Good bye financial crisis, hello recession

The massive and reasonably well coordinated bailouts undertaken in a large number of countries should eventually bring the financial crisis to its unhappy end. There may be more hiccups and the need for more intervention – and more money – but the British plan has offered a good blueprint. The original Paulson plan sought to relieve banks from their toxic assets, but it never quite managed to find a good way to price them. Instead of attempting to shore up the asset side of bank balance sheets, the British plan focuses instead on the liability side. By undertaking to guarantee bank borrowings, it lays the ground for a restart of the money market. By further offering to inject capital, the plan kickstarts the process of reconstruction of badly damaged banks. It could well be the final best plan combines both.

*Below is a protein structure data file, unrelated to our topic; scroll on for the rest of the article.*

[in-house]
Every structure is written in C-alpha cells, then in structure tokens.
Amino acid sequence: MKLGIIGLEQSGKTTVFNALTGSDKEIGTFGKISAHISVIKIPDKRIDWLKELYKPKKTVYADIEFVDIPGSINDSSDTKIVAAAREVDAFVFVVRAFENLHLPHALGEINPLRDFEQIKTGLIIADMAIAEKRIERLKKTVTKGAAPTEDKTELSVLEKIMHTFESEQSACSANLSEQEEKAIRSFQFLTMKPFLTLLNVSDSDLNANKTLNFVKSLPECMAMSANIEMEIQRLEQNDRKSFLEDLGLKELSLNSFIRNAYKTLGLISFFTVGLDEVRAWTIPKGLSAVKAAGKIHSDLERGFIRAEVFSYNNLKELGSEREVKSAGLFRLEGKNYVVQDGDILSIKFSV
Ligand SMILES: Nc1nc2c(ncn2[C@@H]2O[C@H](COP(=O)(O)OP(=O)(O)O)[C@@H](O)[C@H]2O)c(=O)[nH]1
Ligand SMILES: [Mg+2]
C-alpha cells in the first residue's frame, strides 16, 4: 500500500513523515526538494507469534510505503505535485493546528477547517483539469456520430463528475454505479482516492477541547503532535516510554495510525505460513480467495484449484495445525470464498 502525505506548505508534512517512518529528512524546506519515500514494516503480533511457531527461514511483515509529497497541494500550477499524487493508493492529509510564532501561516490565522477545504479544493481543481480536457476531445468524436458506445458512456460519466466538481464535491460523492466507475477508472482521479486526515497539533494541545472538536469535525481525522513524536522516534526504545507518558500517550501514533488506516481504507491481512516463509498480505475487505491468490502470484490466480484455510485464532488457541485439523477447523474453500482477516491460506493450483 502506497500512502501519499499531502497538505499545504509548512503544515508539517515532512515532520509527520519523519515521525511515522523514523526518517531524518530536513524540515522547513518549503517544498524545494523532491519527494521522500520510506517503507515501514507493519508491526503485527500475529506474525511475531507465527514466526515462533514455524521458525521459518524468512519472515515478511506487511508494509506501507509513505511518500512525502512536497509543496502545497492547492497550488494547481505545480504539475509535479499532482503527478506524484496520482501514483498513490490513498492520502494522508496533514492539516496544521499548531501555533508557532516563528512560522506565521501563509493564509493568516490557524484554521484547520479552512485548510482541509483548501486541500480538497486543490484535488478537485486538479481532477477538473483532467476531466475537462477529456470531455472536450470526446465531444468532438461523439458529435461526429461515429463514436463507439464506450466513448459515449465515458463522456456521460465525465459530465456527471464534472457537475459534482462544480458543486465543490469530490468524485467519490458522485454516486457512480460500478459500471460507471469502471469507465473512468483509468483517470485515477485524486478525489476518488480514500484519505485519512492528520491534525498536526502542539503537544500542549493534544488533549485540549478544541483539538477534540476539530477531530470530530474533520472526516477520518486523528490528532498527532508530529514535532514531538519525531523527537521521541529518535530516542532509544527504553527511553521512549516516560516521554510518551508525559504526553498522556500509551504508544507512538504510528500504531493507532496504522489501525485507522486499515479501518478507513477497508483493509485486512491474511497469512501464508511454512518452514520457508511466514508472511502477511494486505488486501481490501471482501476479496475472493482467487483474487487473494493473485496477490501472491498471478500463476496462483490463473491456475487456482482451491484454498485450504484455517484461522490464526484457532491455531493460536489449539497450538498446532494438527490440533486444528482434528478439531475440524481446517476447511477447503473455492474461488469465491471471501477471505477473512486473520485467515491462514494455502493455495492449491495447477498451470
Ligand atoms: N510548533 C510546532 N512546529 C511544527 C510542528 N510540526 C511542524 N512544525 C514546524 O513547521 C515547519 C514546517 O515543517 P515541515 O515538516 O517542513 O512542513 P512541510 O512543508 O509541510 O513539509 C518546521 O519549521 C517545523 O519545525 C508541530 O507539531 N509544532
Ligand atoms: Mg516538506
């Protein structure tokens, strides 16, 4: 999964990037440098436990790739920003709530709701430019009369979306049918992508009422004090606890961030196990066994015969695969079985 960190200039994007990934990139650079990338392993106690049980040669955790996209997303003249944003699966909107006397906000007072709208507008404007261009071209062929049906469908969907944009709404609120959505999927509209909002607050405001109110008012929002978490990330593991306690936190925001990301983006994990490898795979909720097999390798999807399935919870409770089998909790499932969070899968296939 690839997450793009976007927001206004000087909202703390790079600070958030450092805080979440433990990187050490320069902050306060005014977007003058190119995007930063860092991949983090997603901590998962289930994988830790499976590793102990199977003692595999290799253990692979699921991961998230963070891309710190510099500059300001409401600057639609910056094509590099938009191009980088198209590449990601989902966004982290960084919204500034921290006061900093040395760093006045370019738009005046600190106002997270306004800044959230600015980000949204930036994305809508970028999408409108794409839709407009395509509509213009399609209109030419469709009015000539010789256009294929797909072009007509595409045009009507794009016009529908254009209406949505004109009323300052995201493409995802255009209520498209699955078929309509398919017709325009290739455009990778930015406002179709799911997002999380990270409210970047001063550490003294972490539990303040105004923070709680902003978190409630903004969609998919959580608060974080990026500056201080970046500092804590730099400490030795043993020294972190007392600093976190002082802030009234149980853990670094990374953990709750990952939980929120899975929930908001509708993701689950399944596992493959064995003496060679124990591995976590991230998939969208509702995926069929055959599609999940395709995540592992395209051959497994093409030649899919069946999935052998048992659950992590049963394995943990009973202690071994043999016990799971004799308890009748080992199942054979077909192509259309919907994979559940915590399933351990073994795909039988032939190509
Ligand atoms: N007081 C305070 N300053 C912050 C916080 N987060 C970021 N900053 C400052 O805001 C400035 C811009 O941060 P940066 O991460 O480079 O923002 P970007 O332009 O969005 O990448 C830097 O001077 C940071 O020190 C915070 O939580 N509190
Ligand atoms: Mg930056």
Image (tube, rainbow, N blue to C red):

The success of the plan depends on the willingness of banks to play the game and apply for support. Some will not, because they believe, rightly or wrongly, that they don’t need it. Another reason for them to turn the plan down is that, in some countries, it includes capping bonuses and suppressing dividend payments, thus creating an unholy alliance between managers and shareholders. It would be very problematic if several major banks elect to stay out of the plan, for it would create a stigmatization effect. If some banks claim that they do not need help, those which do may hesitate for fear of being branded as fragile, or mismanaged, or both. That could undermine the whole plan. This is a serious threat in Germany.